Sets and Dragon, Rock and 'Roll
Two weeks ago yesterday I took part in a Tai Chi demonstration in Princes Street Gardens to try to attract people to come along and give it a go. (It's good fun, excellent for fitness and health, and sufficiently exotic to appeal to people for whom yoga is so last century. We did a couple of sets, which look pretty weird when you watch from outside with no idea of what's going on, but whose 106 (I think) moves actually form themselves into little repeated groups so it's not too difficult to rmember what comes next, especially when you're surrounded by people who've been doing it for decades.
We didn't just do Tai Chi, though, oh dear me no. We ran our dragon. You know, the one I described back here. When it came down to it, I didn't actually spend any time inside the dragon (as before, we were only using half of it as we didn't have enough experienced folk to run the whole thing). I spent a lot of time helping to load it into the van out at the Taoist Tai Chi Centre, unloading it in Princes St Gardens, and doing the same in reverse at the end of the day. In between times, I was employed as the main beater of the drum that hets the dragon to move and stop in some kind of order. and I enjoyed it immensely. Playing the drum out of doors presents interesting challenges, such as trying to keep the pearl (the lady with a kind of gigantic baby's rattle who leads the dragon about) in view, trying to keep playing smoothly when one's drum is being towed around on a rope, and dealing with inquisitive small children who all want to have a go (and were allowed to do so when the dragon was resting).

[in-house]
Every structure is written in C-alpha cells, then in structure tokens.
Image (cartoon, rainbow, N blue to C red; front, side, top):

You can see more pictures and a report here. I'm just left of centre in the very first picture, and can be spotted in a few of the others showing the set demonstrations. I am the drummer on the video clip, though I have to say it wasn't recorded in one of my better bits: I'd give myself about 4/10 for that extract. I was better most of the time.... Anyway, good fun, we aroused plenty of interest, and we definitely added to the festival atmosphere.
Next time we awaken the dragon (he's called Hamish, by the way) from his slumbers, I hope to be there with my drum to give him a heartbeat.